<input type="hidden" name="env_report"

Look at the PHPFormMail documentation for information about the redirect, recipient and env_report fields. You’ll note that I have added a referer field so that I’ll know which of my websites this form was posted from. The value of the recipient field has to be present in the PHPFormMail $recipient_array. If your contact page is a .html rather than a .php you’ll have to make sure that you can use PHP in HTML files.

In your contact us/email HTML file you can include the form like this:

include_once($_SERVER['REDIRECT_COMMON_PATH'] . '/');

The final part of the solution is to add a commonformmail.php to each of your individual website directories. It will look like this and just includes the shared form mail script.

include_once($_SERVER['REDIRECT_COMMON_PATH'] . '/formmail.php');

From now on you can change the behaviour and look of all your website forms from one place.

FTP uploading a directory of files using perl

Monday, February 18th, 2008

Here is a simple script to upload the files which are in a particular directory. I use something similar to automate the file uploading for my tube walking blog.

Whenever I take photos for the blog I put them into a directory with the current date as the directory name. So I have a structure like this:


I want the images in these directories to be uploaded to a new directory on the FTP server where the FTP server directory is named with the date e.g. ‘080218’.

The script is run with a command such as:

perl c:\website\080218\

The script will then:

  1. Extract the date part of the directory – ‘080218’.
  2. Connect to the FTP server.
  3. Create a directory called ‘080218’ on the FTP server.
  4. Get a list of all the local files in the directory that you passed in as the argument.
  5. Upload each of these files to the FTP server.

Here’s the script. You’ll need to modify the FTP server address, username and password if you want to use it.

use File::Basename;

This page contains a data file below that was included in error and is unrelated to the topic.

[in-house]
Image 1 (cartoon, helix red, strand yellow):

use Net::FTP;
my $directory = $ARGV[0];
my @parts = split(/\\/, $directory);
# get leaf directory name from whole path
my $length = $parts;
my $dateDir = $parts[$length-1];
$ftp = Net::FTP->new("", Debug => 1)
    or die "Cannot connect to hostname: [email protected]";
$ftp->login("username", "password")
    or die "Cannot login ", $ftp->message;
    or die "Cannot change working directory ", $ftp->message;
# create 'date named' directory on FTP server
# set binary mode which is needed for image upload
opendir(DIR, "$directory");
my @files = readdir(DIR);
foreach my $file (@files)
    if (not -d $file)
        # make sure the names are lower case on the server
        $file = lc($file);
        # upload the file

The script is simple, but it can easily be integrated into a more complex set of scripts to help you manage your web site.

Backup / restore of last modified and created file time attributes on Windows

Saturday, January 12th, 2008

Last month I found that I needed to be able to backup and restore the last modified and created file times of a load of files in Windows XP. This is probably a bit of an obscure thing to need to do so naturally I couldn’t find any existing tools to do it.

I’ve therefore made a Perl script to allow this to be done. Just so you are clear, this isn’t backing up the files, it is backing up the last modified and created file time attributes.

This allows changes to be made to the files whilst keeping these attributes intact. In theory Perl’s utime function should allow me to change these attributes. However on my Windows XP machine it just didn’t work. I’ve therefore used the rather excellent nircmd tool to handle the file attribute modifications. You’ll need to download it and modify to point to it.

Usage is simple:

perl c:\yourdir -backup
perl c:\yourdir -restore

Make sure you do a test of this script before you use it for real. It has only ever been tested on one machine.

  1. Download
  2. View

This script will create a file ‘backuplist.txt’ in the directory that you pass in as the first argument. If you run -backup multiple times then any new files will be appended to the backuplist.txt. The stored last modified / created times of any existing files will be preserved.